The history of space exploration

Photo courtesy of NASA

Space orbit exploration began with the first satellite, Sputnik 1, launched by the Soviet Union on October 4, 1957 during the Cold War, a state of tension between the Soviet Union and the United States. About the size of a large helmet at 22.8 inches in diameter, Sputnik 1 orbited Earth in 98 minutes. The United States’ satellite, the Explorer 1, led to the discovery of the Van Allen radiation belts. The belts contain an area of high energy trapped by Earth’s magnetic field.

A month after Sputnik 1, Sputnik 2 was launched, carrying the first living being to be in space on board, a stray dog from the streets of Moscow named Laika. Laika was a precursor to other living beings in space. On April 12, 1961, the first successful human flight into space carried Russian Yuri Gagarin on Vostok 1. Gagarin orbited around the globe once, for about an hour and 48 minutes. Within a month, the United States sent Alan Shepard into space. In 1963, the first woman, Valentina Tereshkova of the Soviet Union was sent into space on the Vostok 6, orbiting Earth 48 times.

Luna 2, a Soviet Union spacecraft, became the first spacecraft to reach the Moon and the first man made craft to land on another planet or asteroid. In 1968, the United Sates sent Apollo 8 into orbit. The three-astronaut crew orbited the Moon once and returned to Earth. One year later, in 1969, Buzz Aldrin and Neil Armstrong landed Apollo 11 on the Moon and became the first humans on the Moon.

Space discoveries exploded with NASA’s launch of the world’s first large optical telescope, named the Hubble Telescope after Edwin Hubble, in 1990. Since then, the Hubble Telescope has made more than 1.3 million observations, according to NASA. The further the Hubble Telescope can see, the further in the past observers can see. With the telescope, scientists could pinpoint the age of the universe down to 13.7 billion years old.

The Hubble Telescope also led to many other discoveries. Dark matter makes up about 23 percent of the universe, and because of Hubble, scientists were able to map large scale maps of where dark matter exists. Hubble also revealed Nix and Hydra, Pluto’s moons, as well as the mass of another planet which demoted Pluto and other planets to dwarf planets. Scientists shed light on how the universe has evolved when Hubble discovered stars at the center of massive black holes.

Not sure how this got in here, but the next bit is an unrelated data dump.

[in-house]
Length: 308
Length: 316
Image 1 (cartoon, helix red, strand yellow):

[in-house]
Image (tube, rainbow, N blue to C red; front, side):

In October of 2018, the James Webb Space Telescope will replace the Hubble Telescope. Its design will allow Webb to look deeper into space, with a mirror about 6 times larger in area. At around 3 months after its launch, Webb will be able to start its mission and scientists will be able to take the first images.

Space X, a private company owned by Elon Musk, made history with their spacecraft Dragon in December 2010 when they became the first privately developed spacecraft to reenter from low-Earth orbit. Then in 2012, Dragon became the first private spacecraft to visit the International Space Station and under a $1.6 billion contract with NASA makes multiple trips to the station to resupply missions. In 2015, the Falcon 9 rocket became their first land landing on Landing Zone 1, the first-ever orbital class rocket landing.

In future years, NASA hopes to use their technology to visit near-Earth asteroids and eventually for humans to walk on Mars. This will lead to a better understanding of the universe and our galaxy and will help scientists gain new knowledge.

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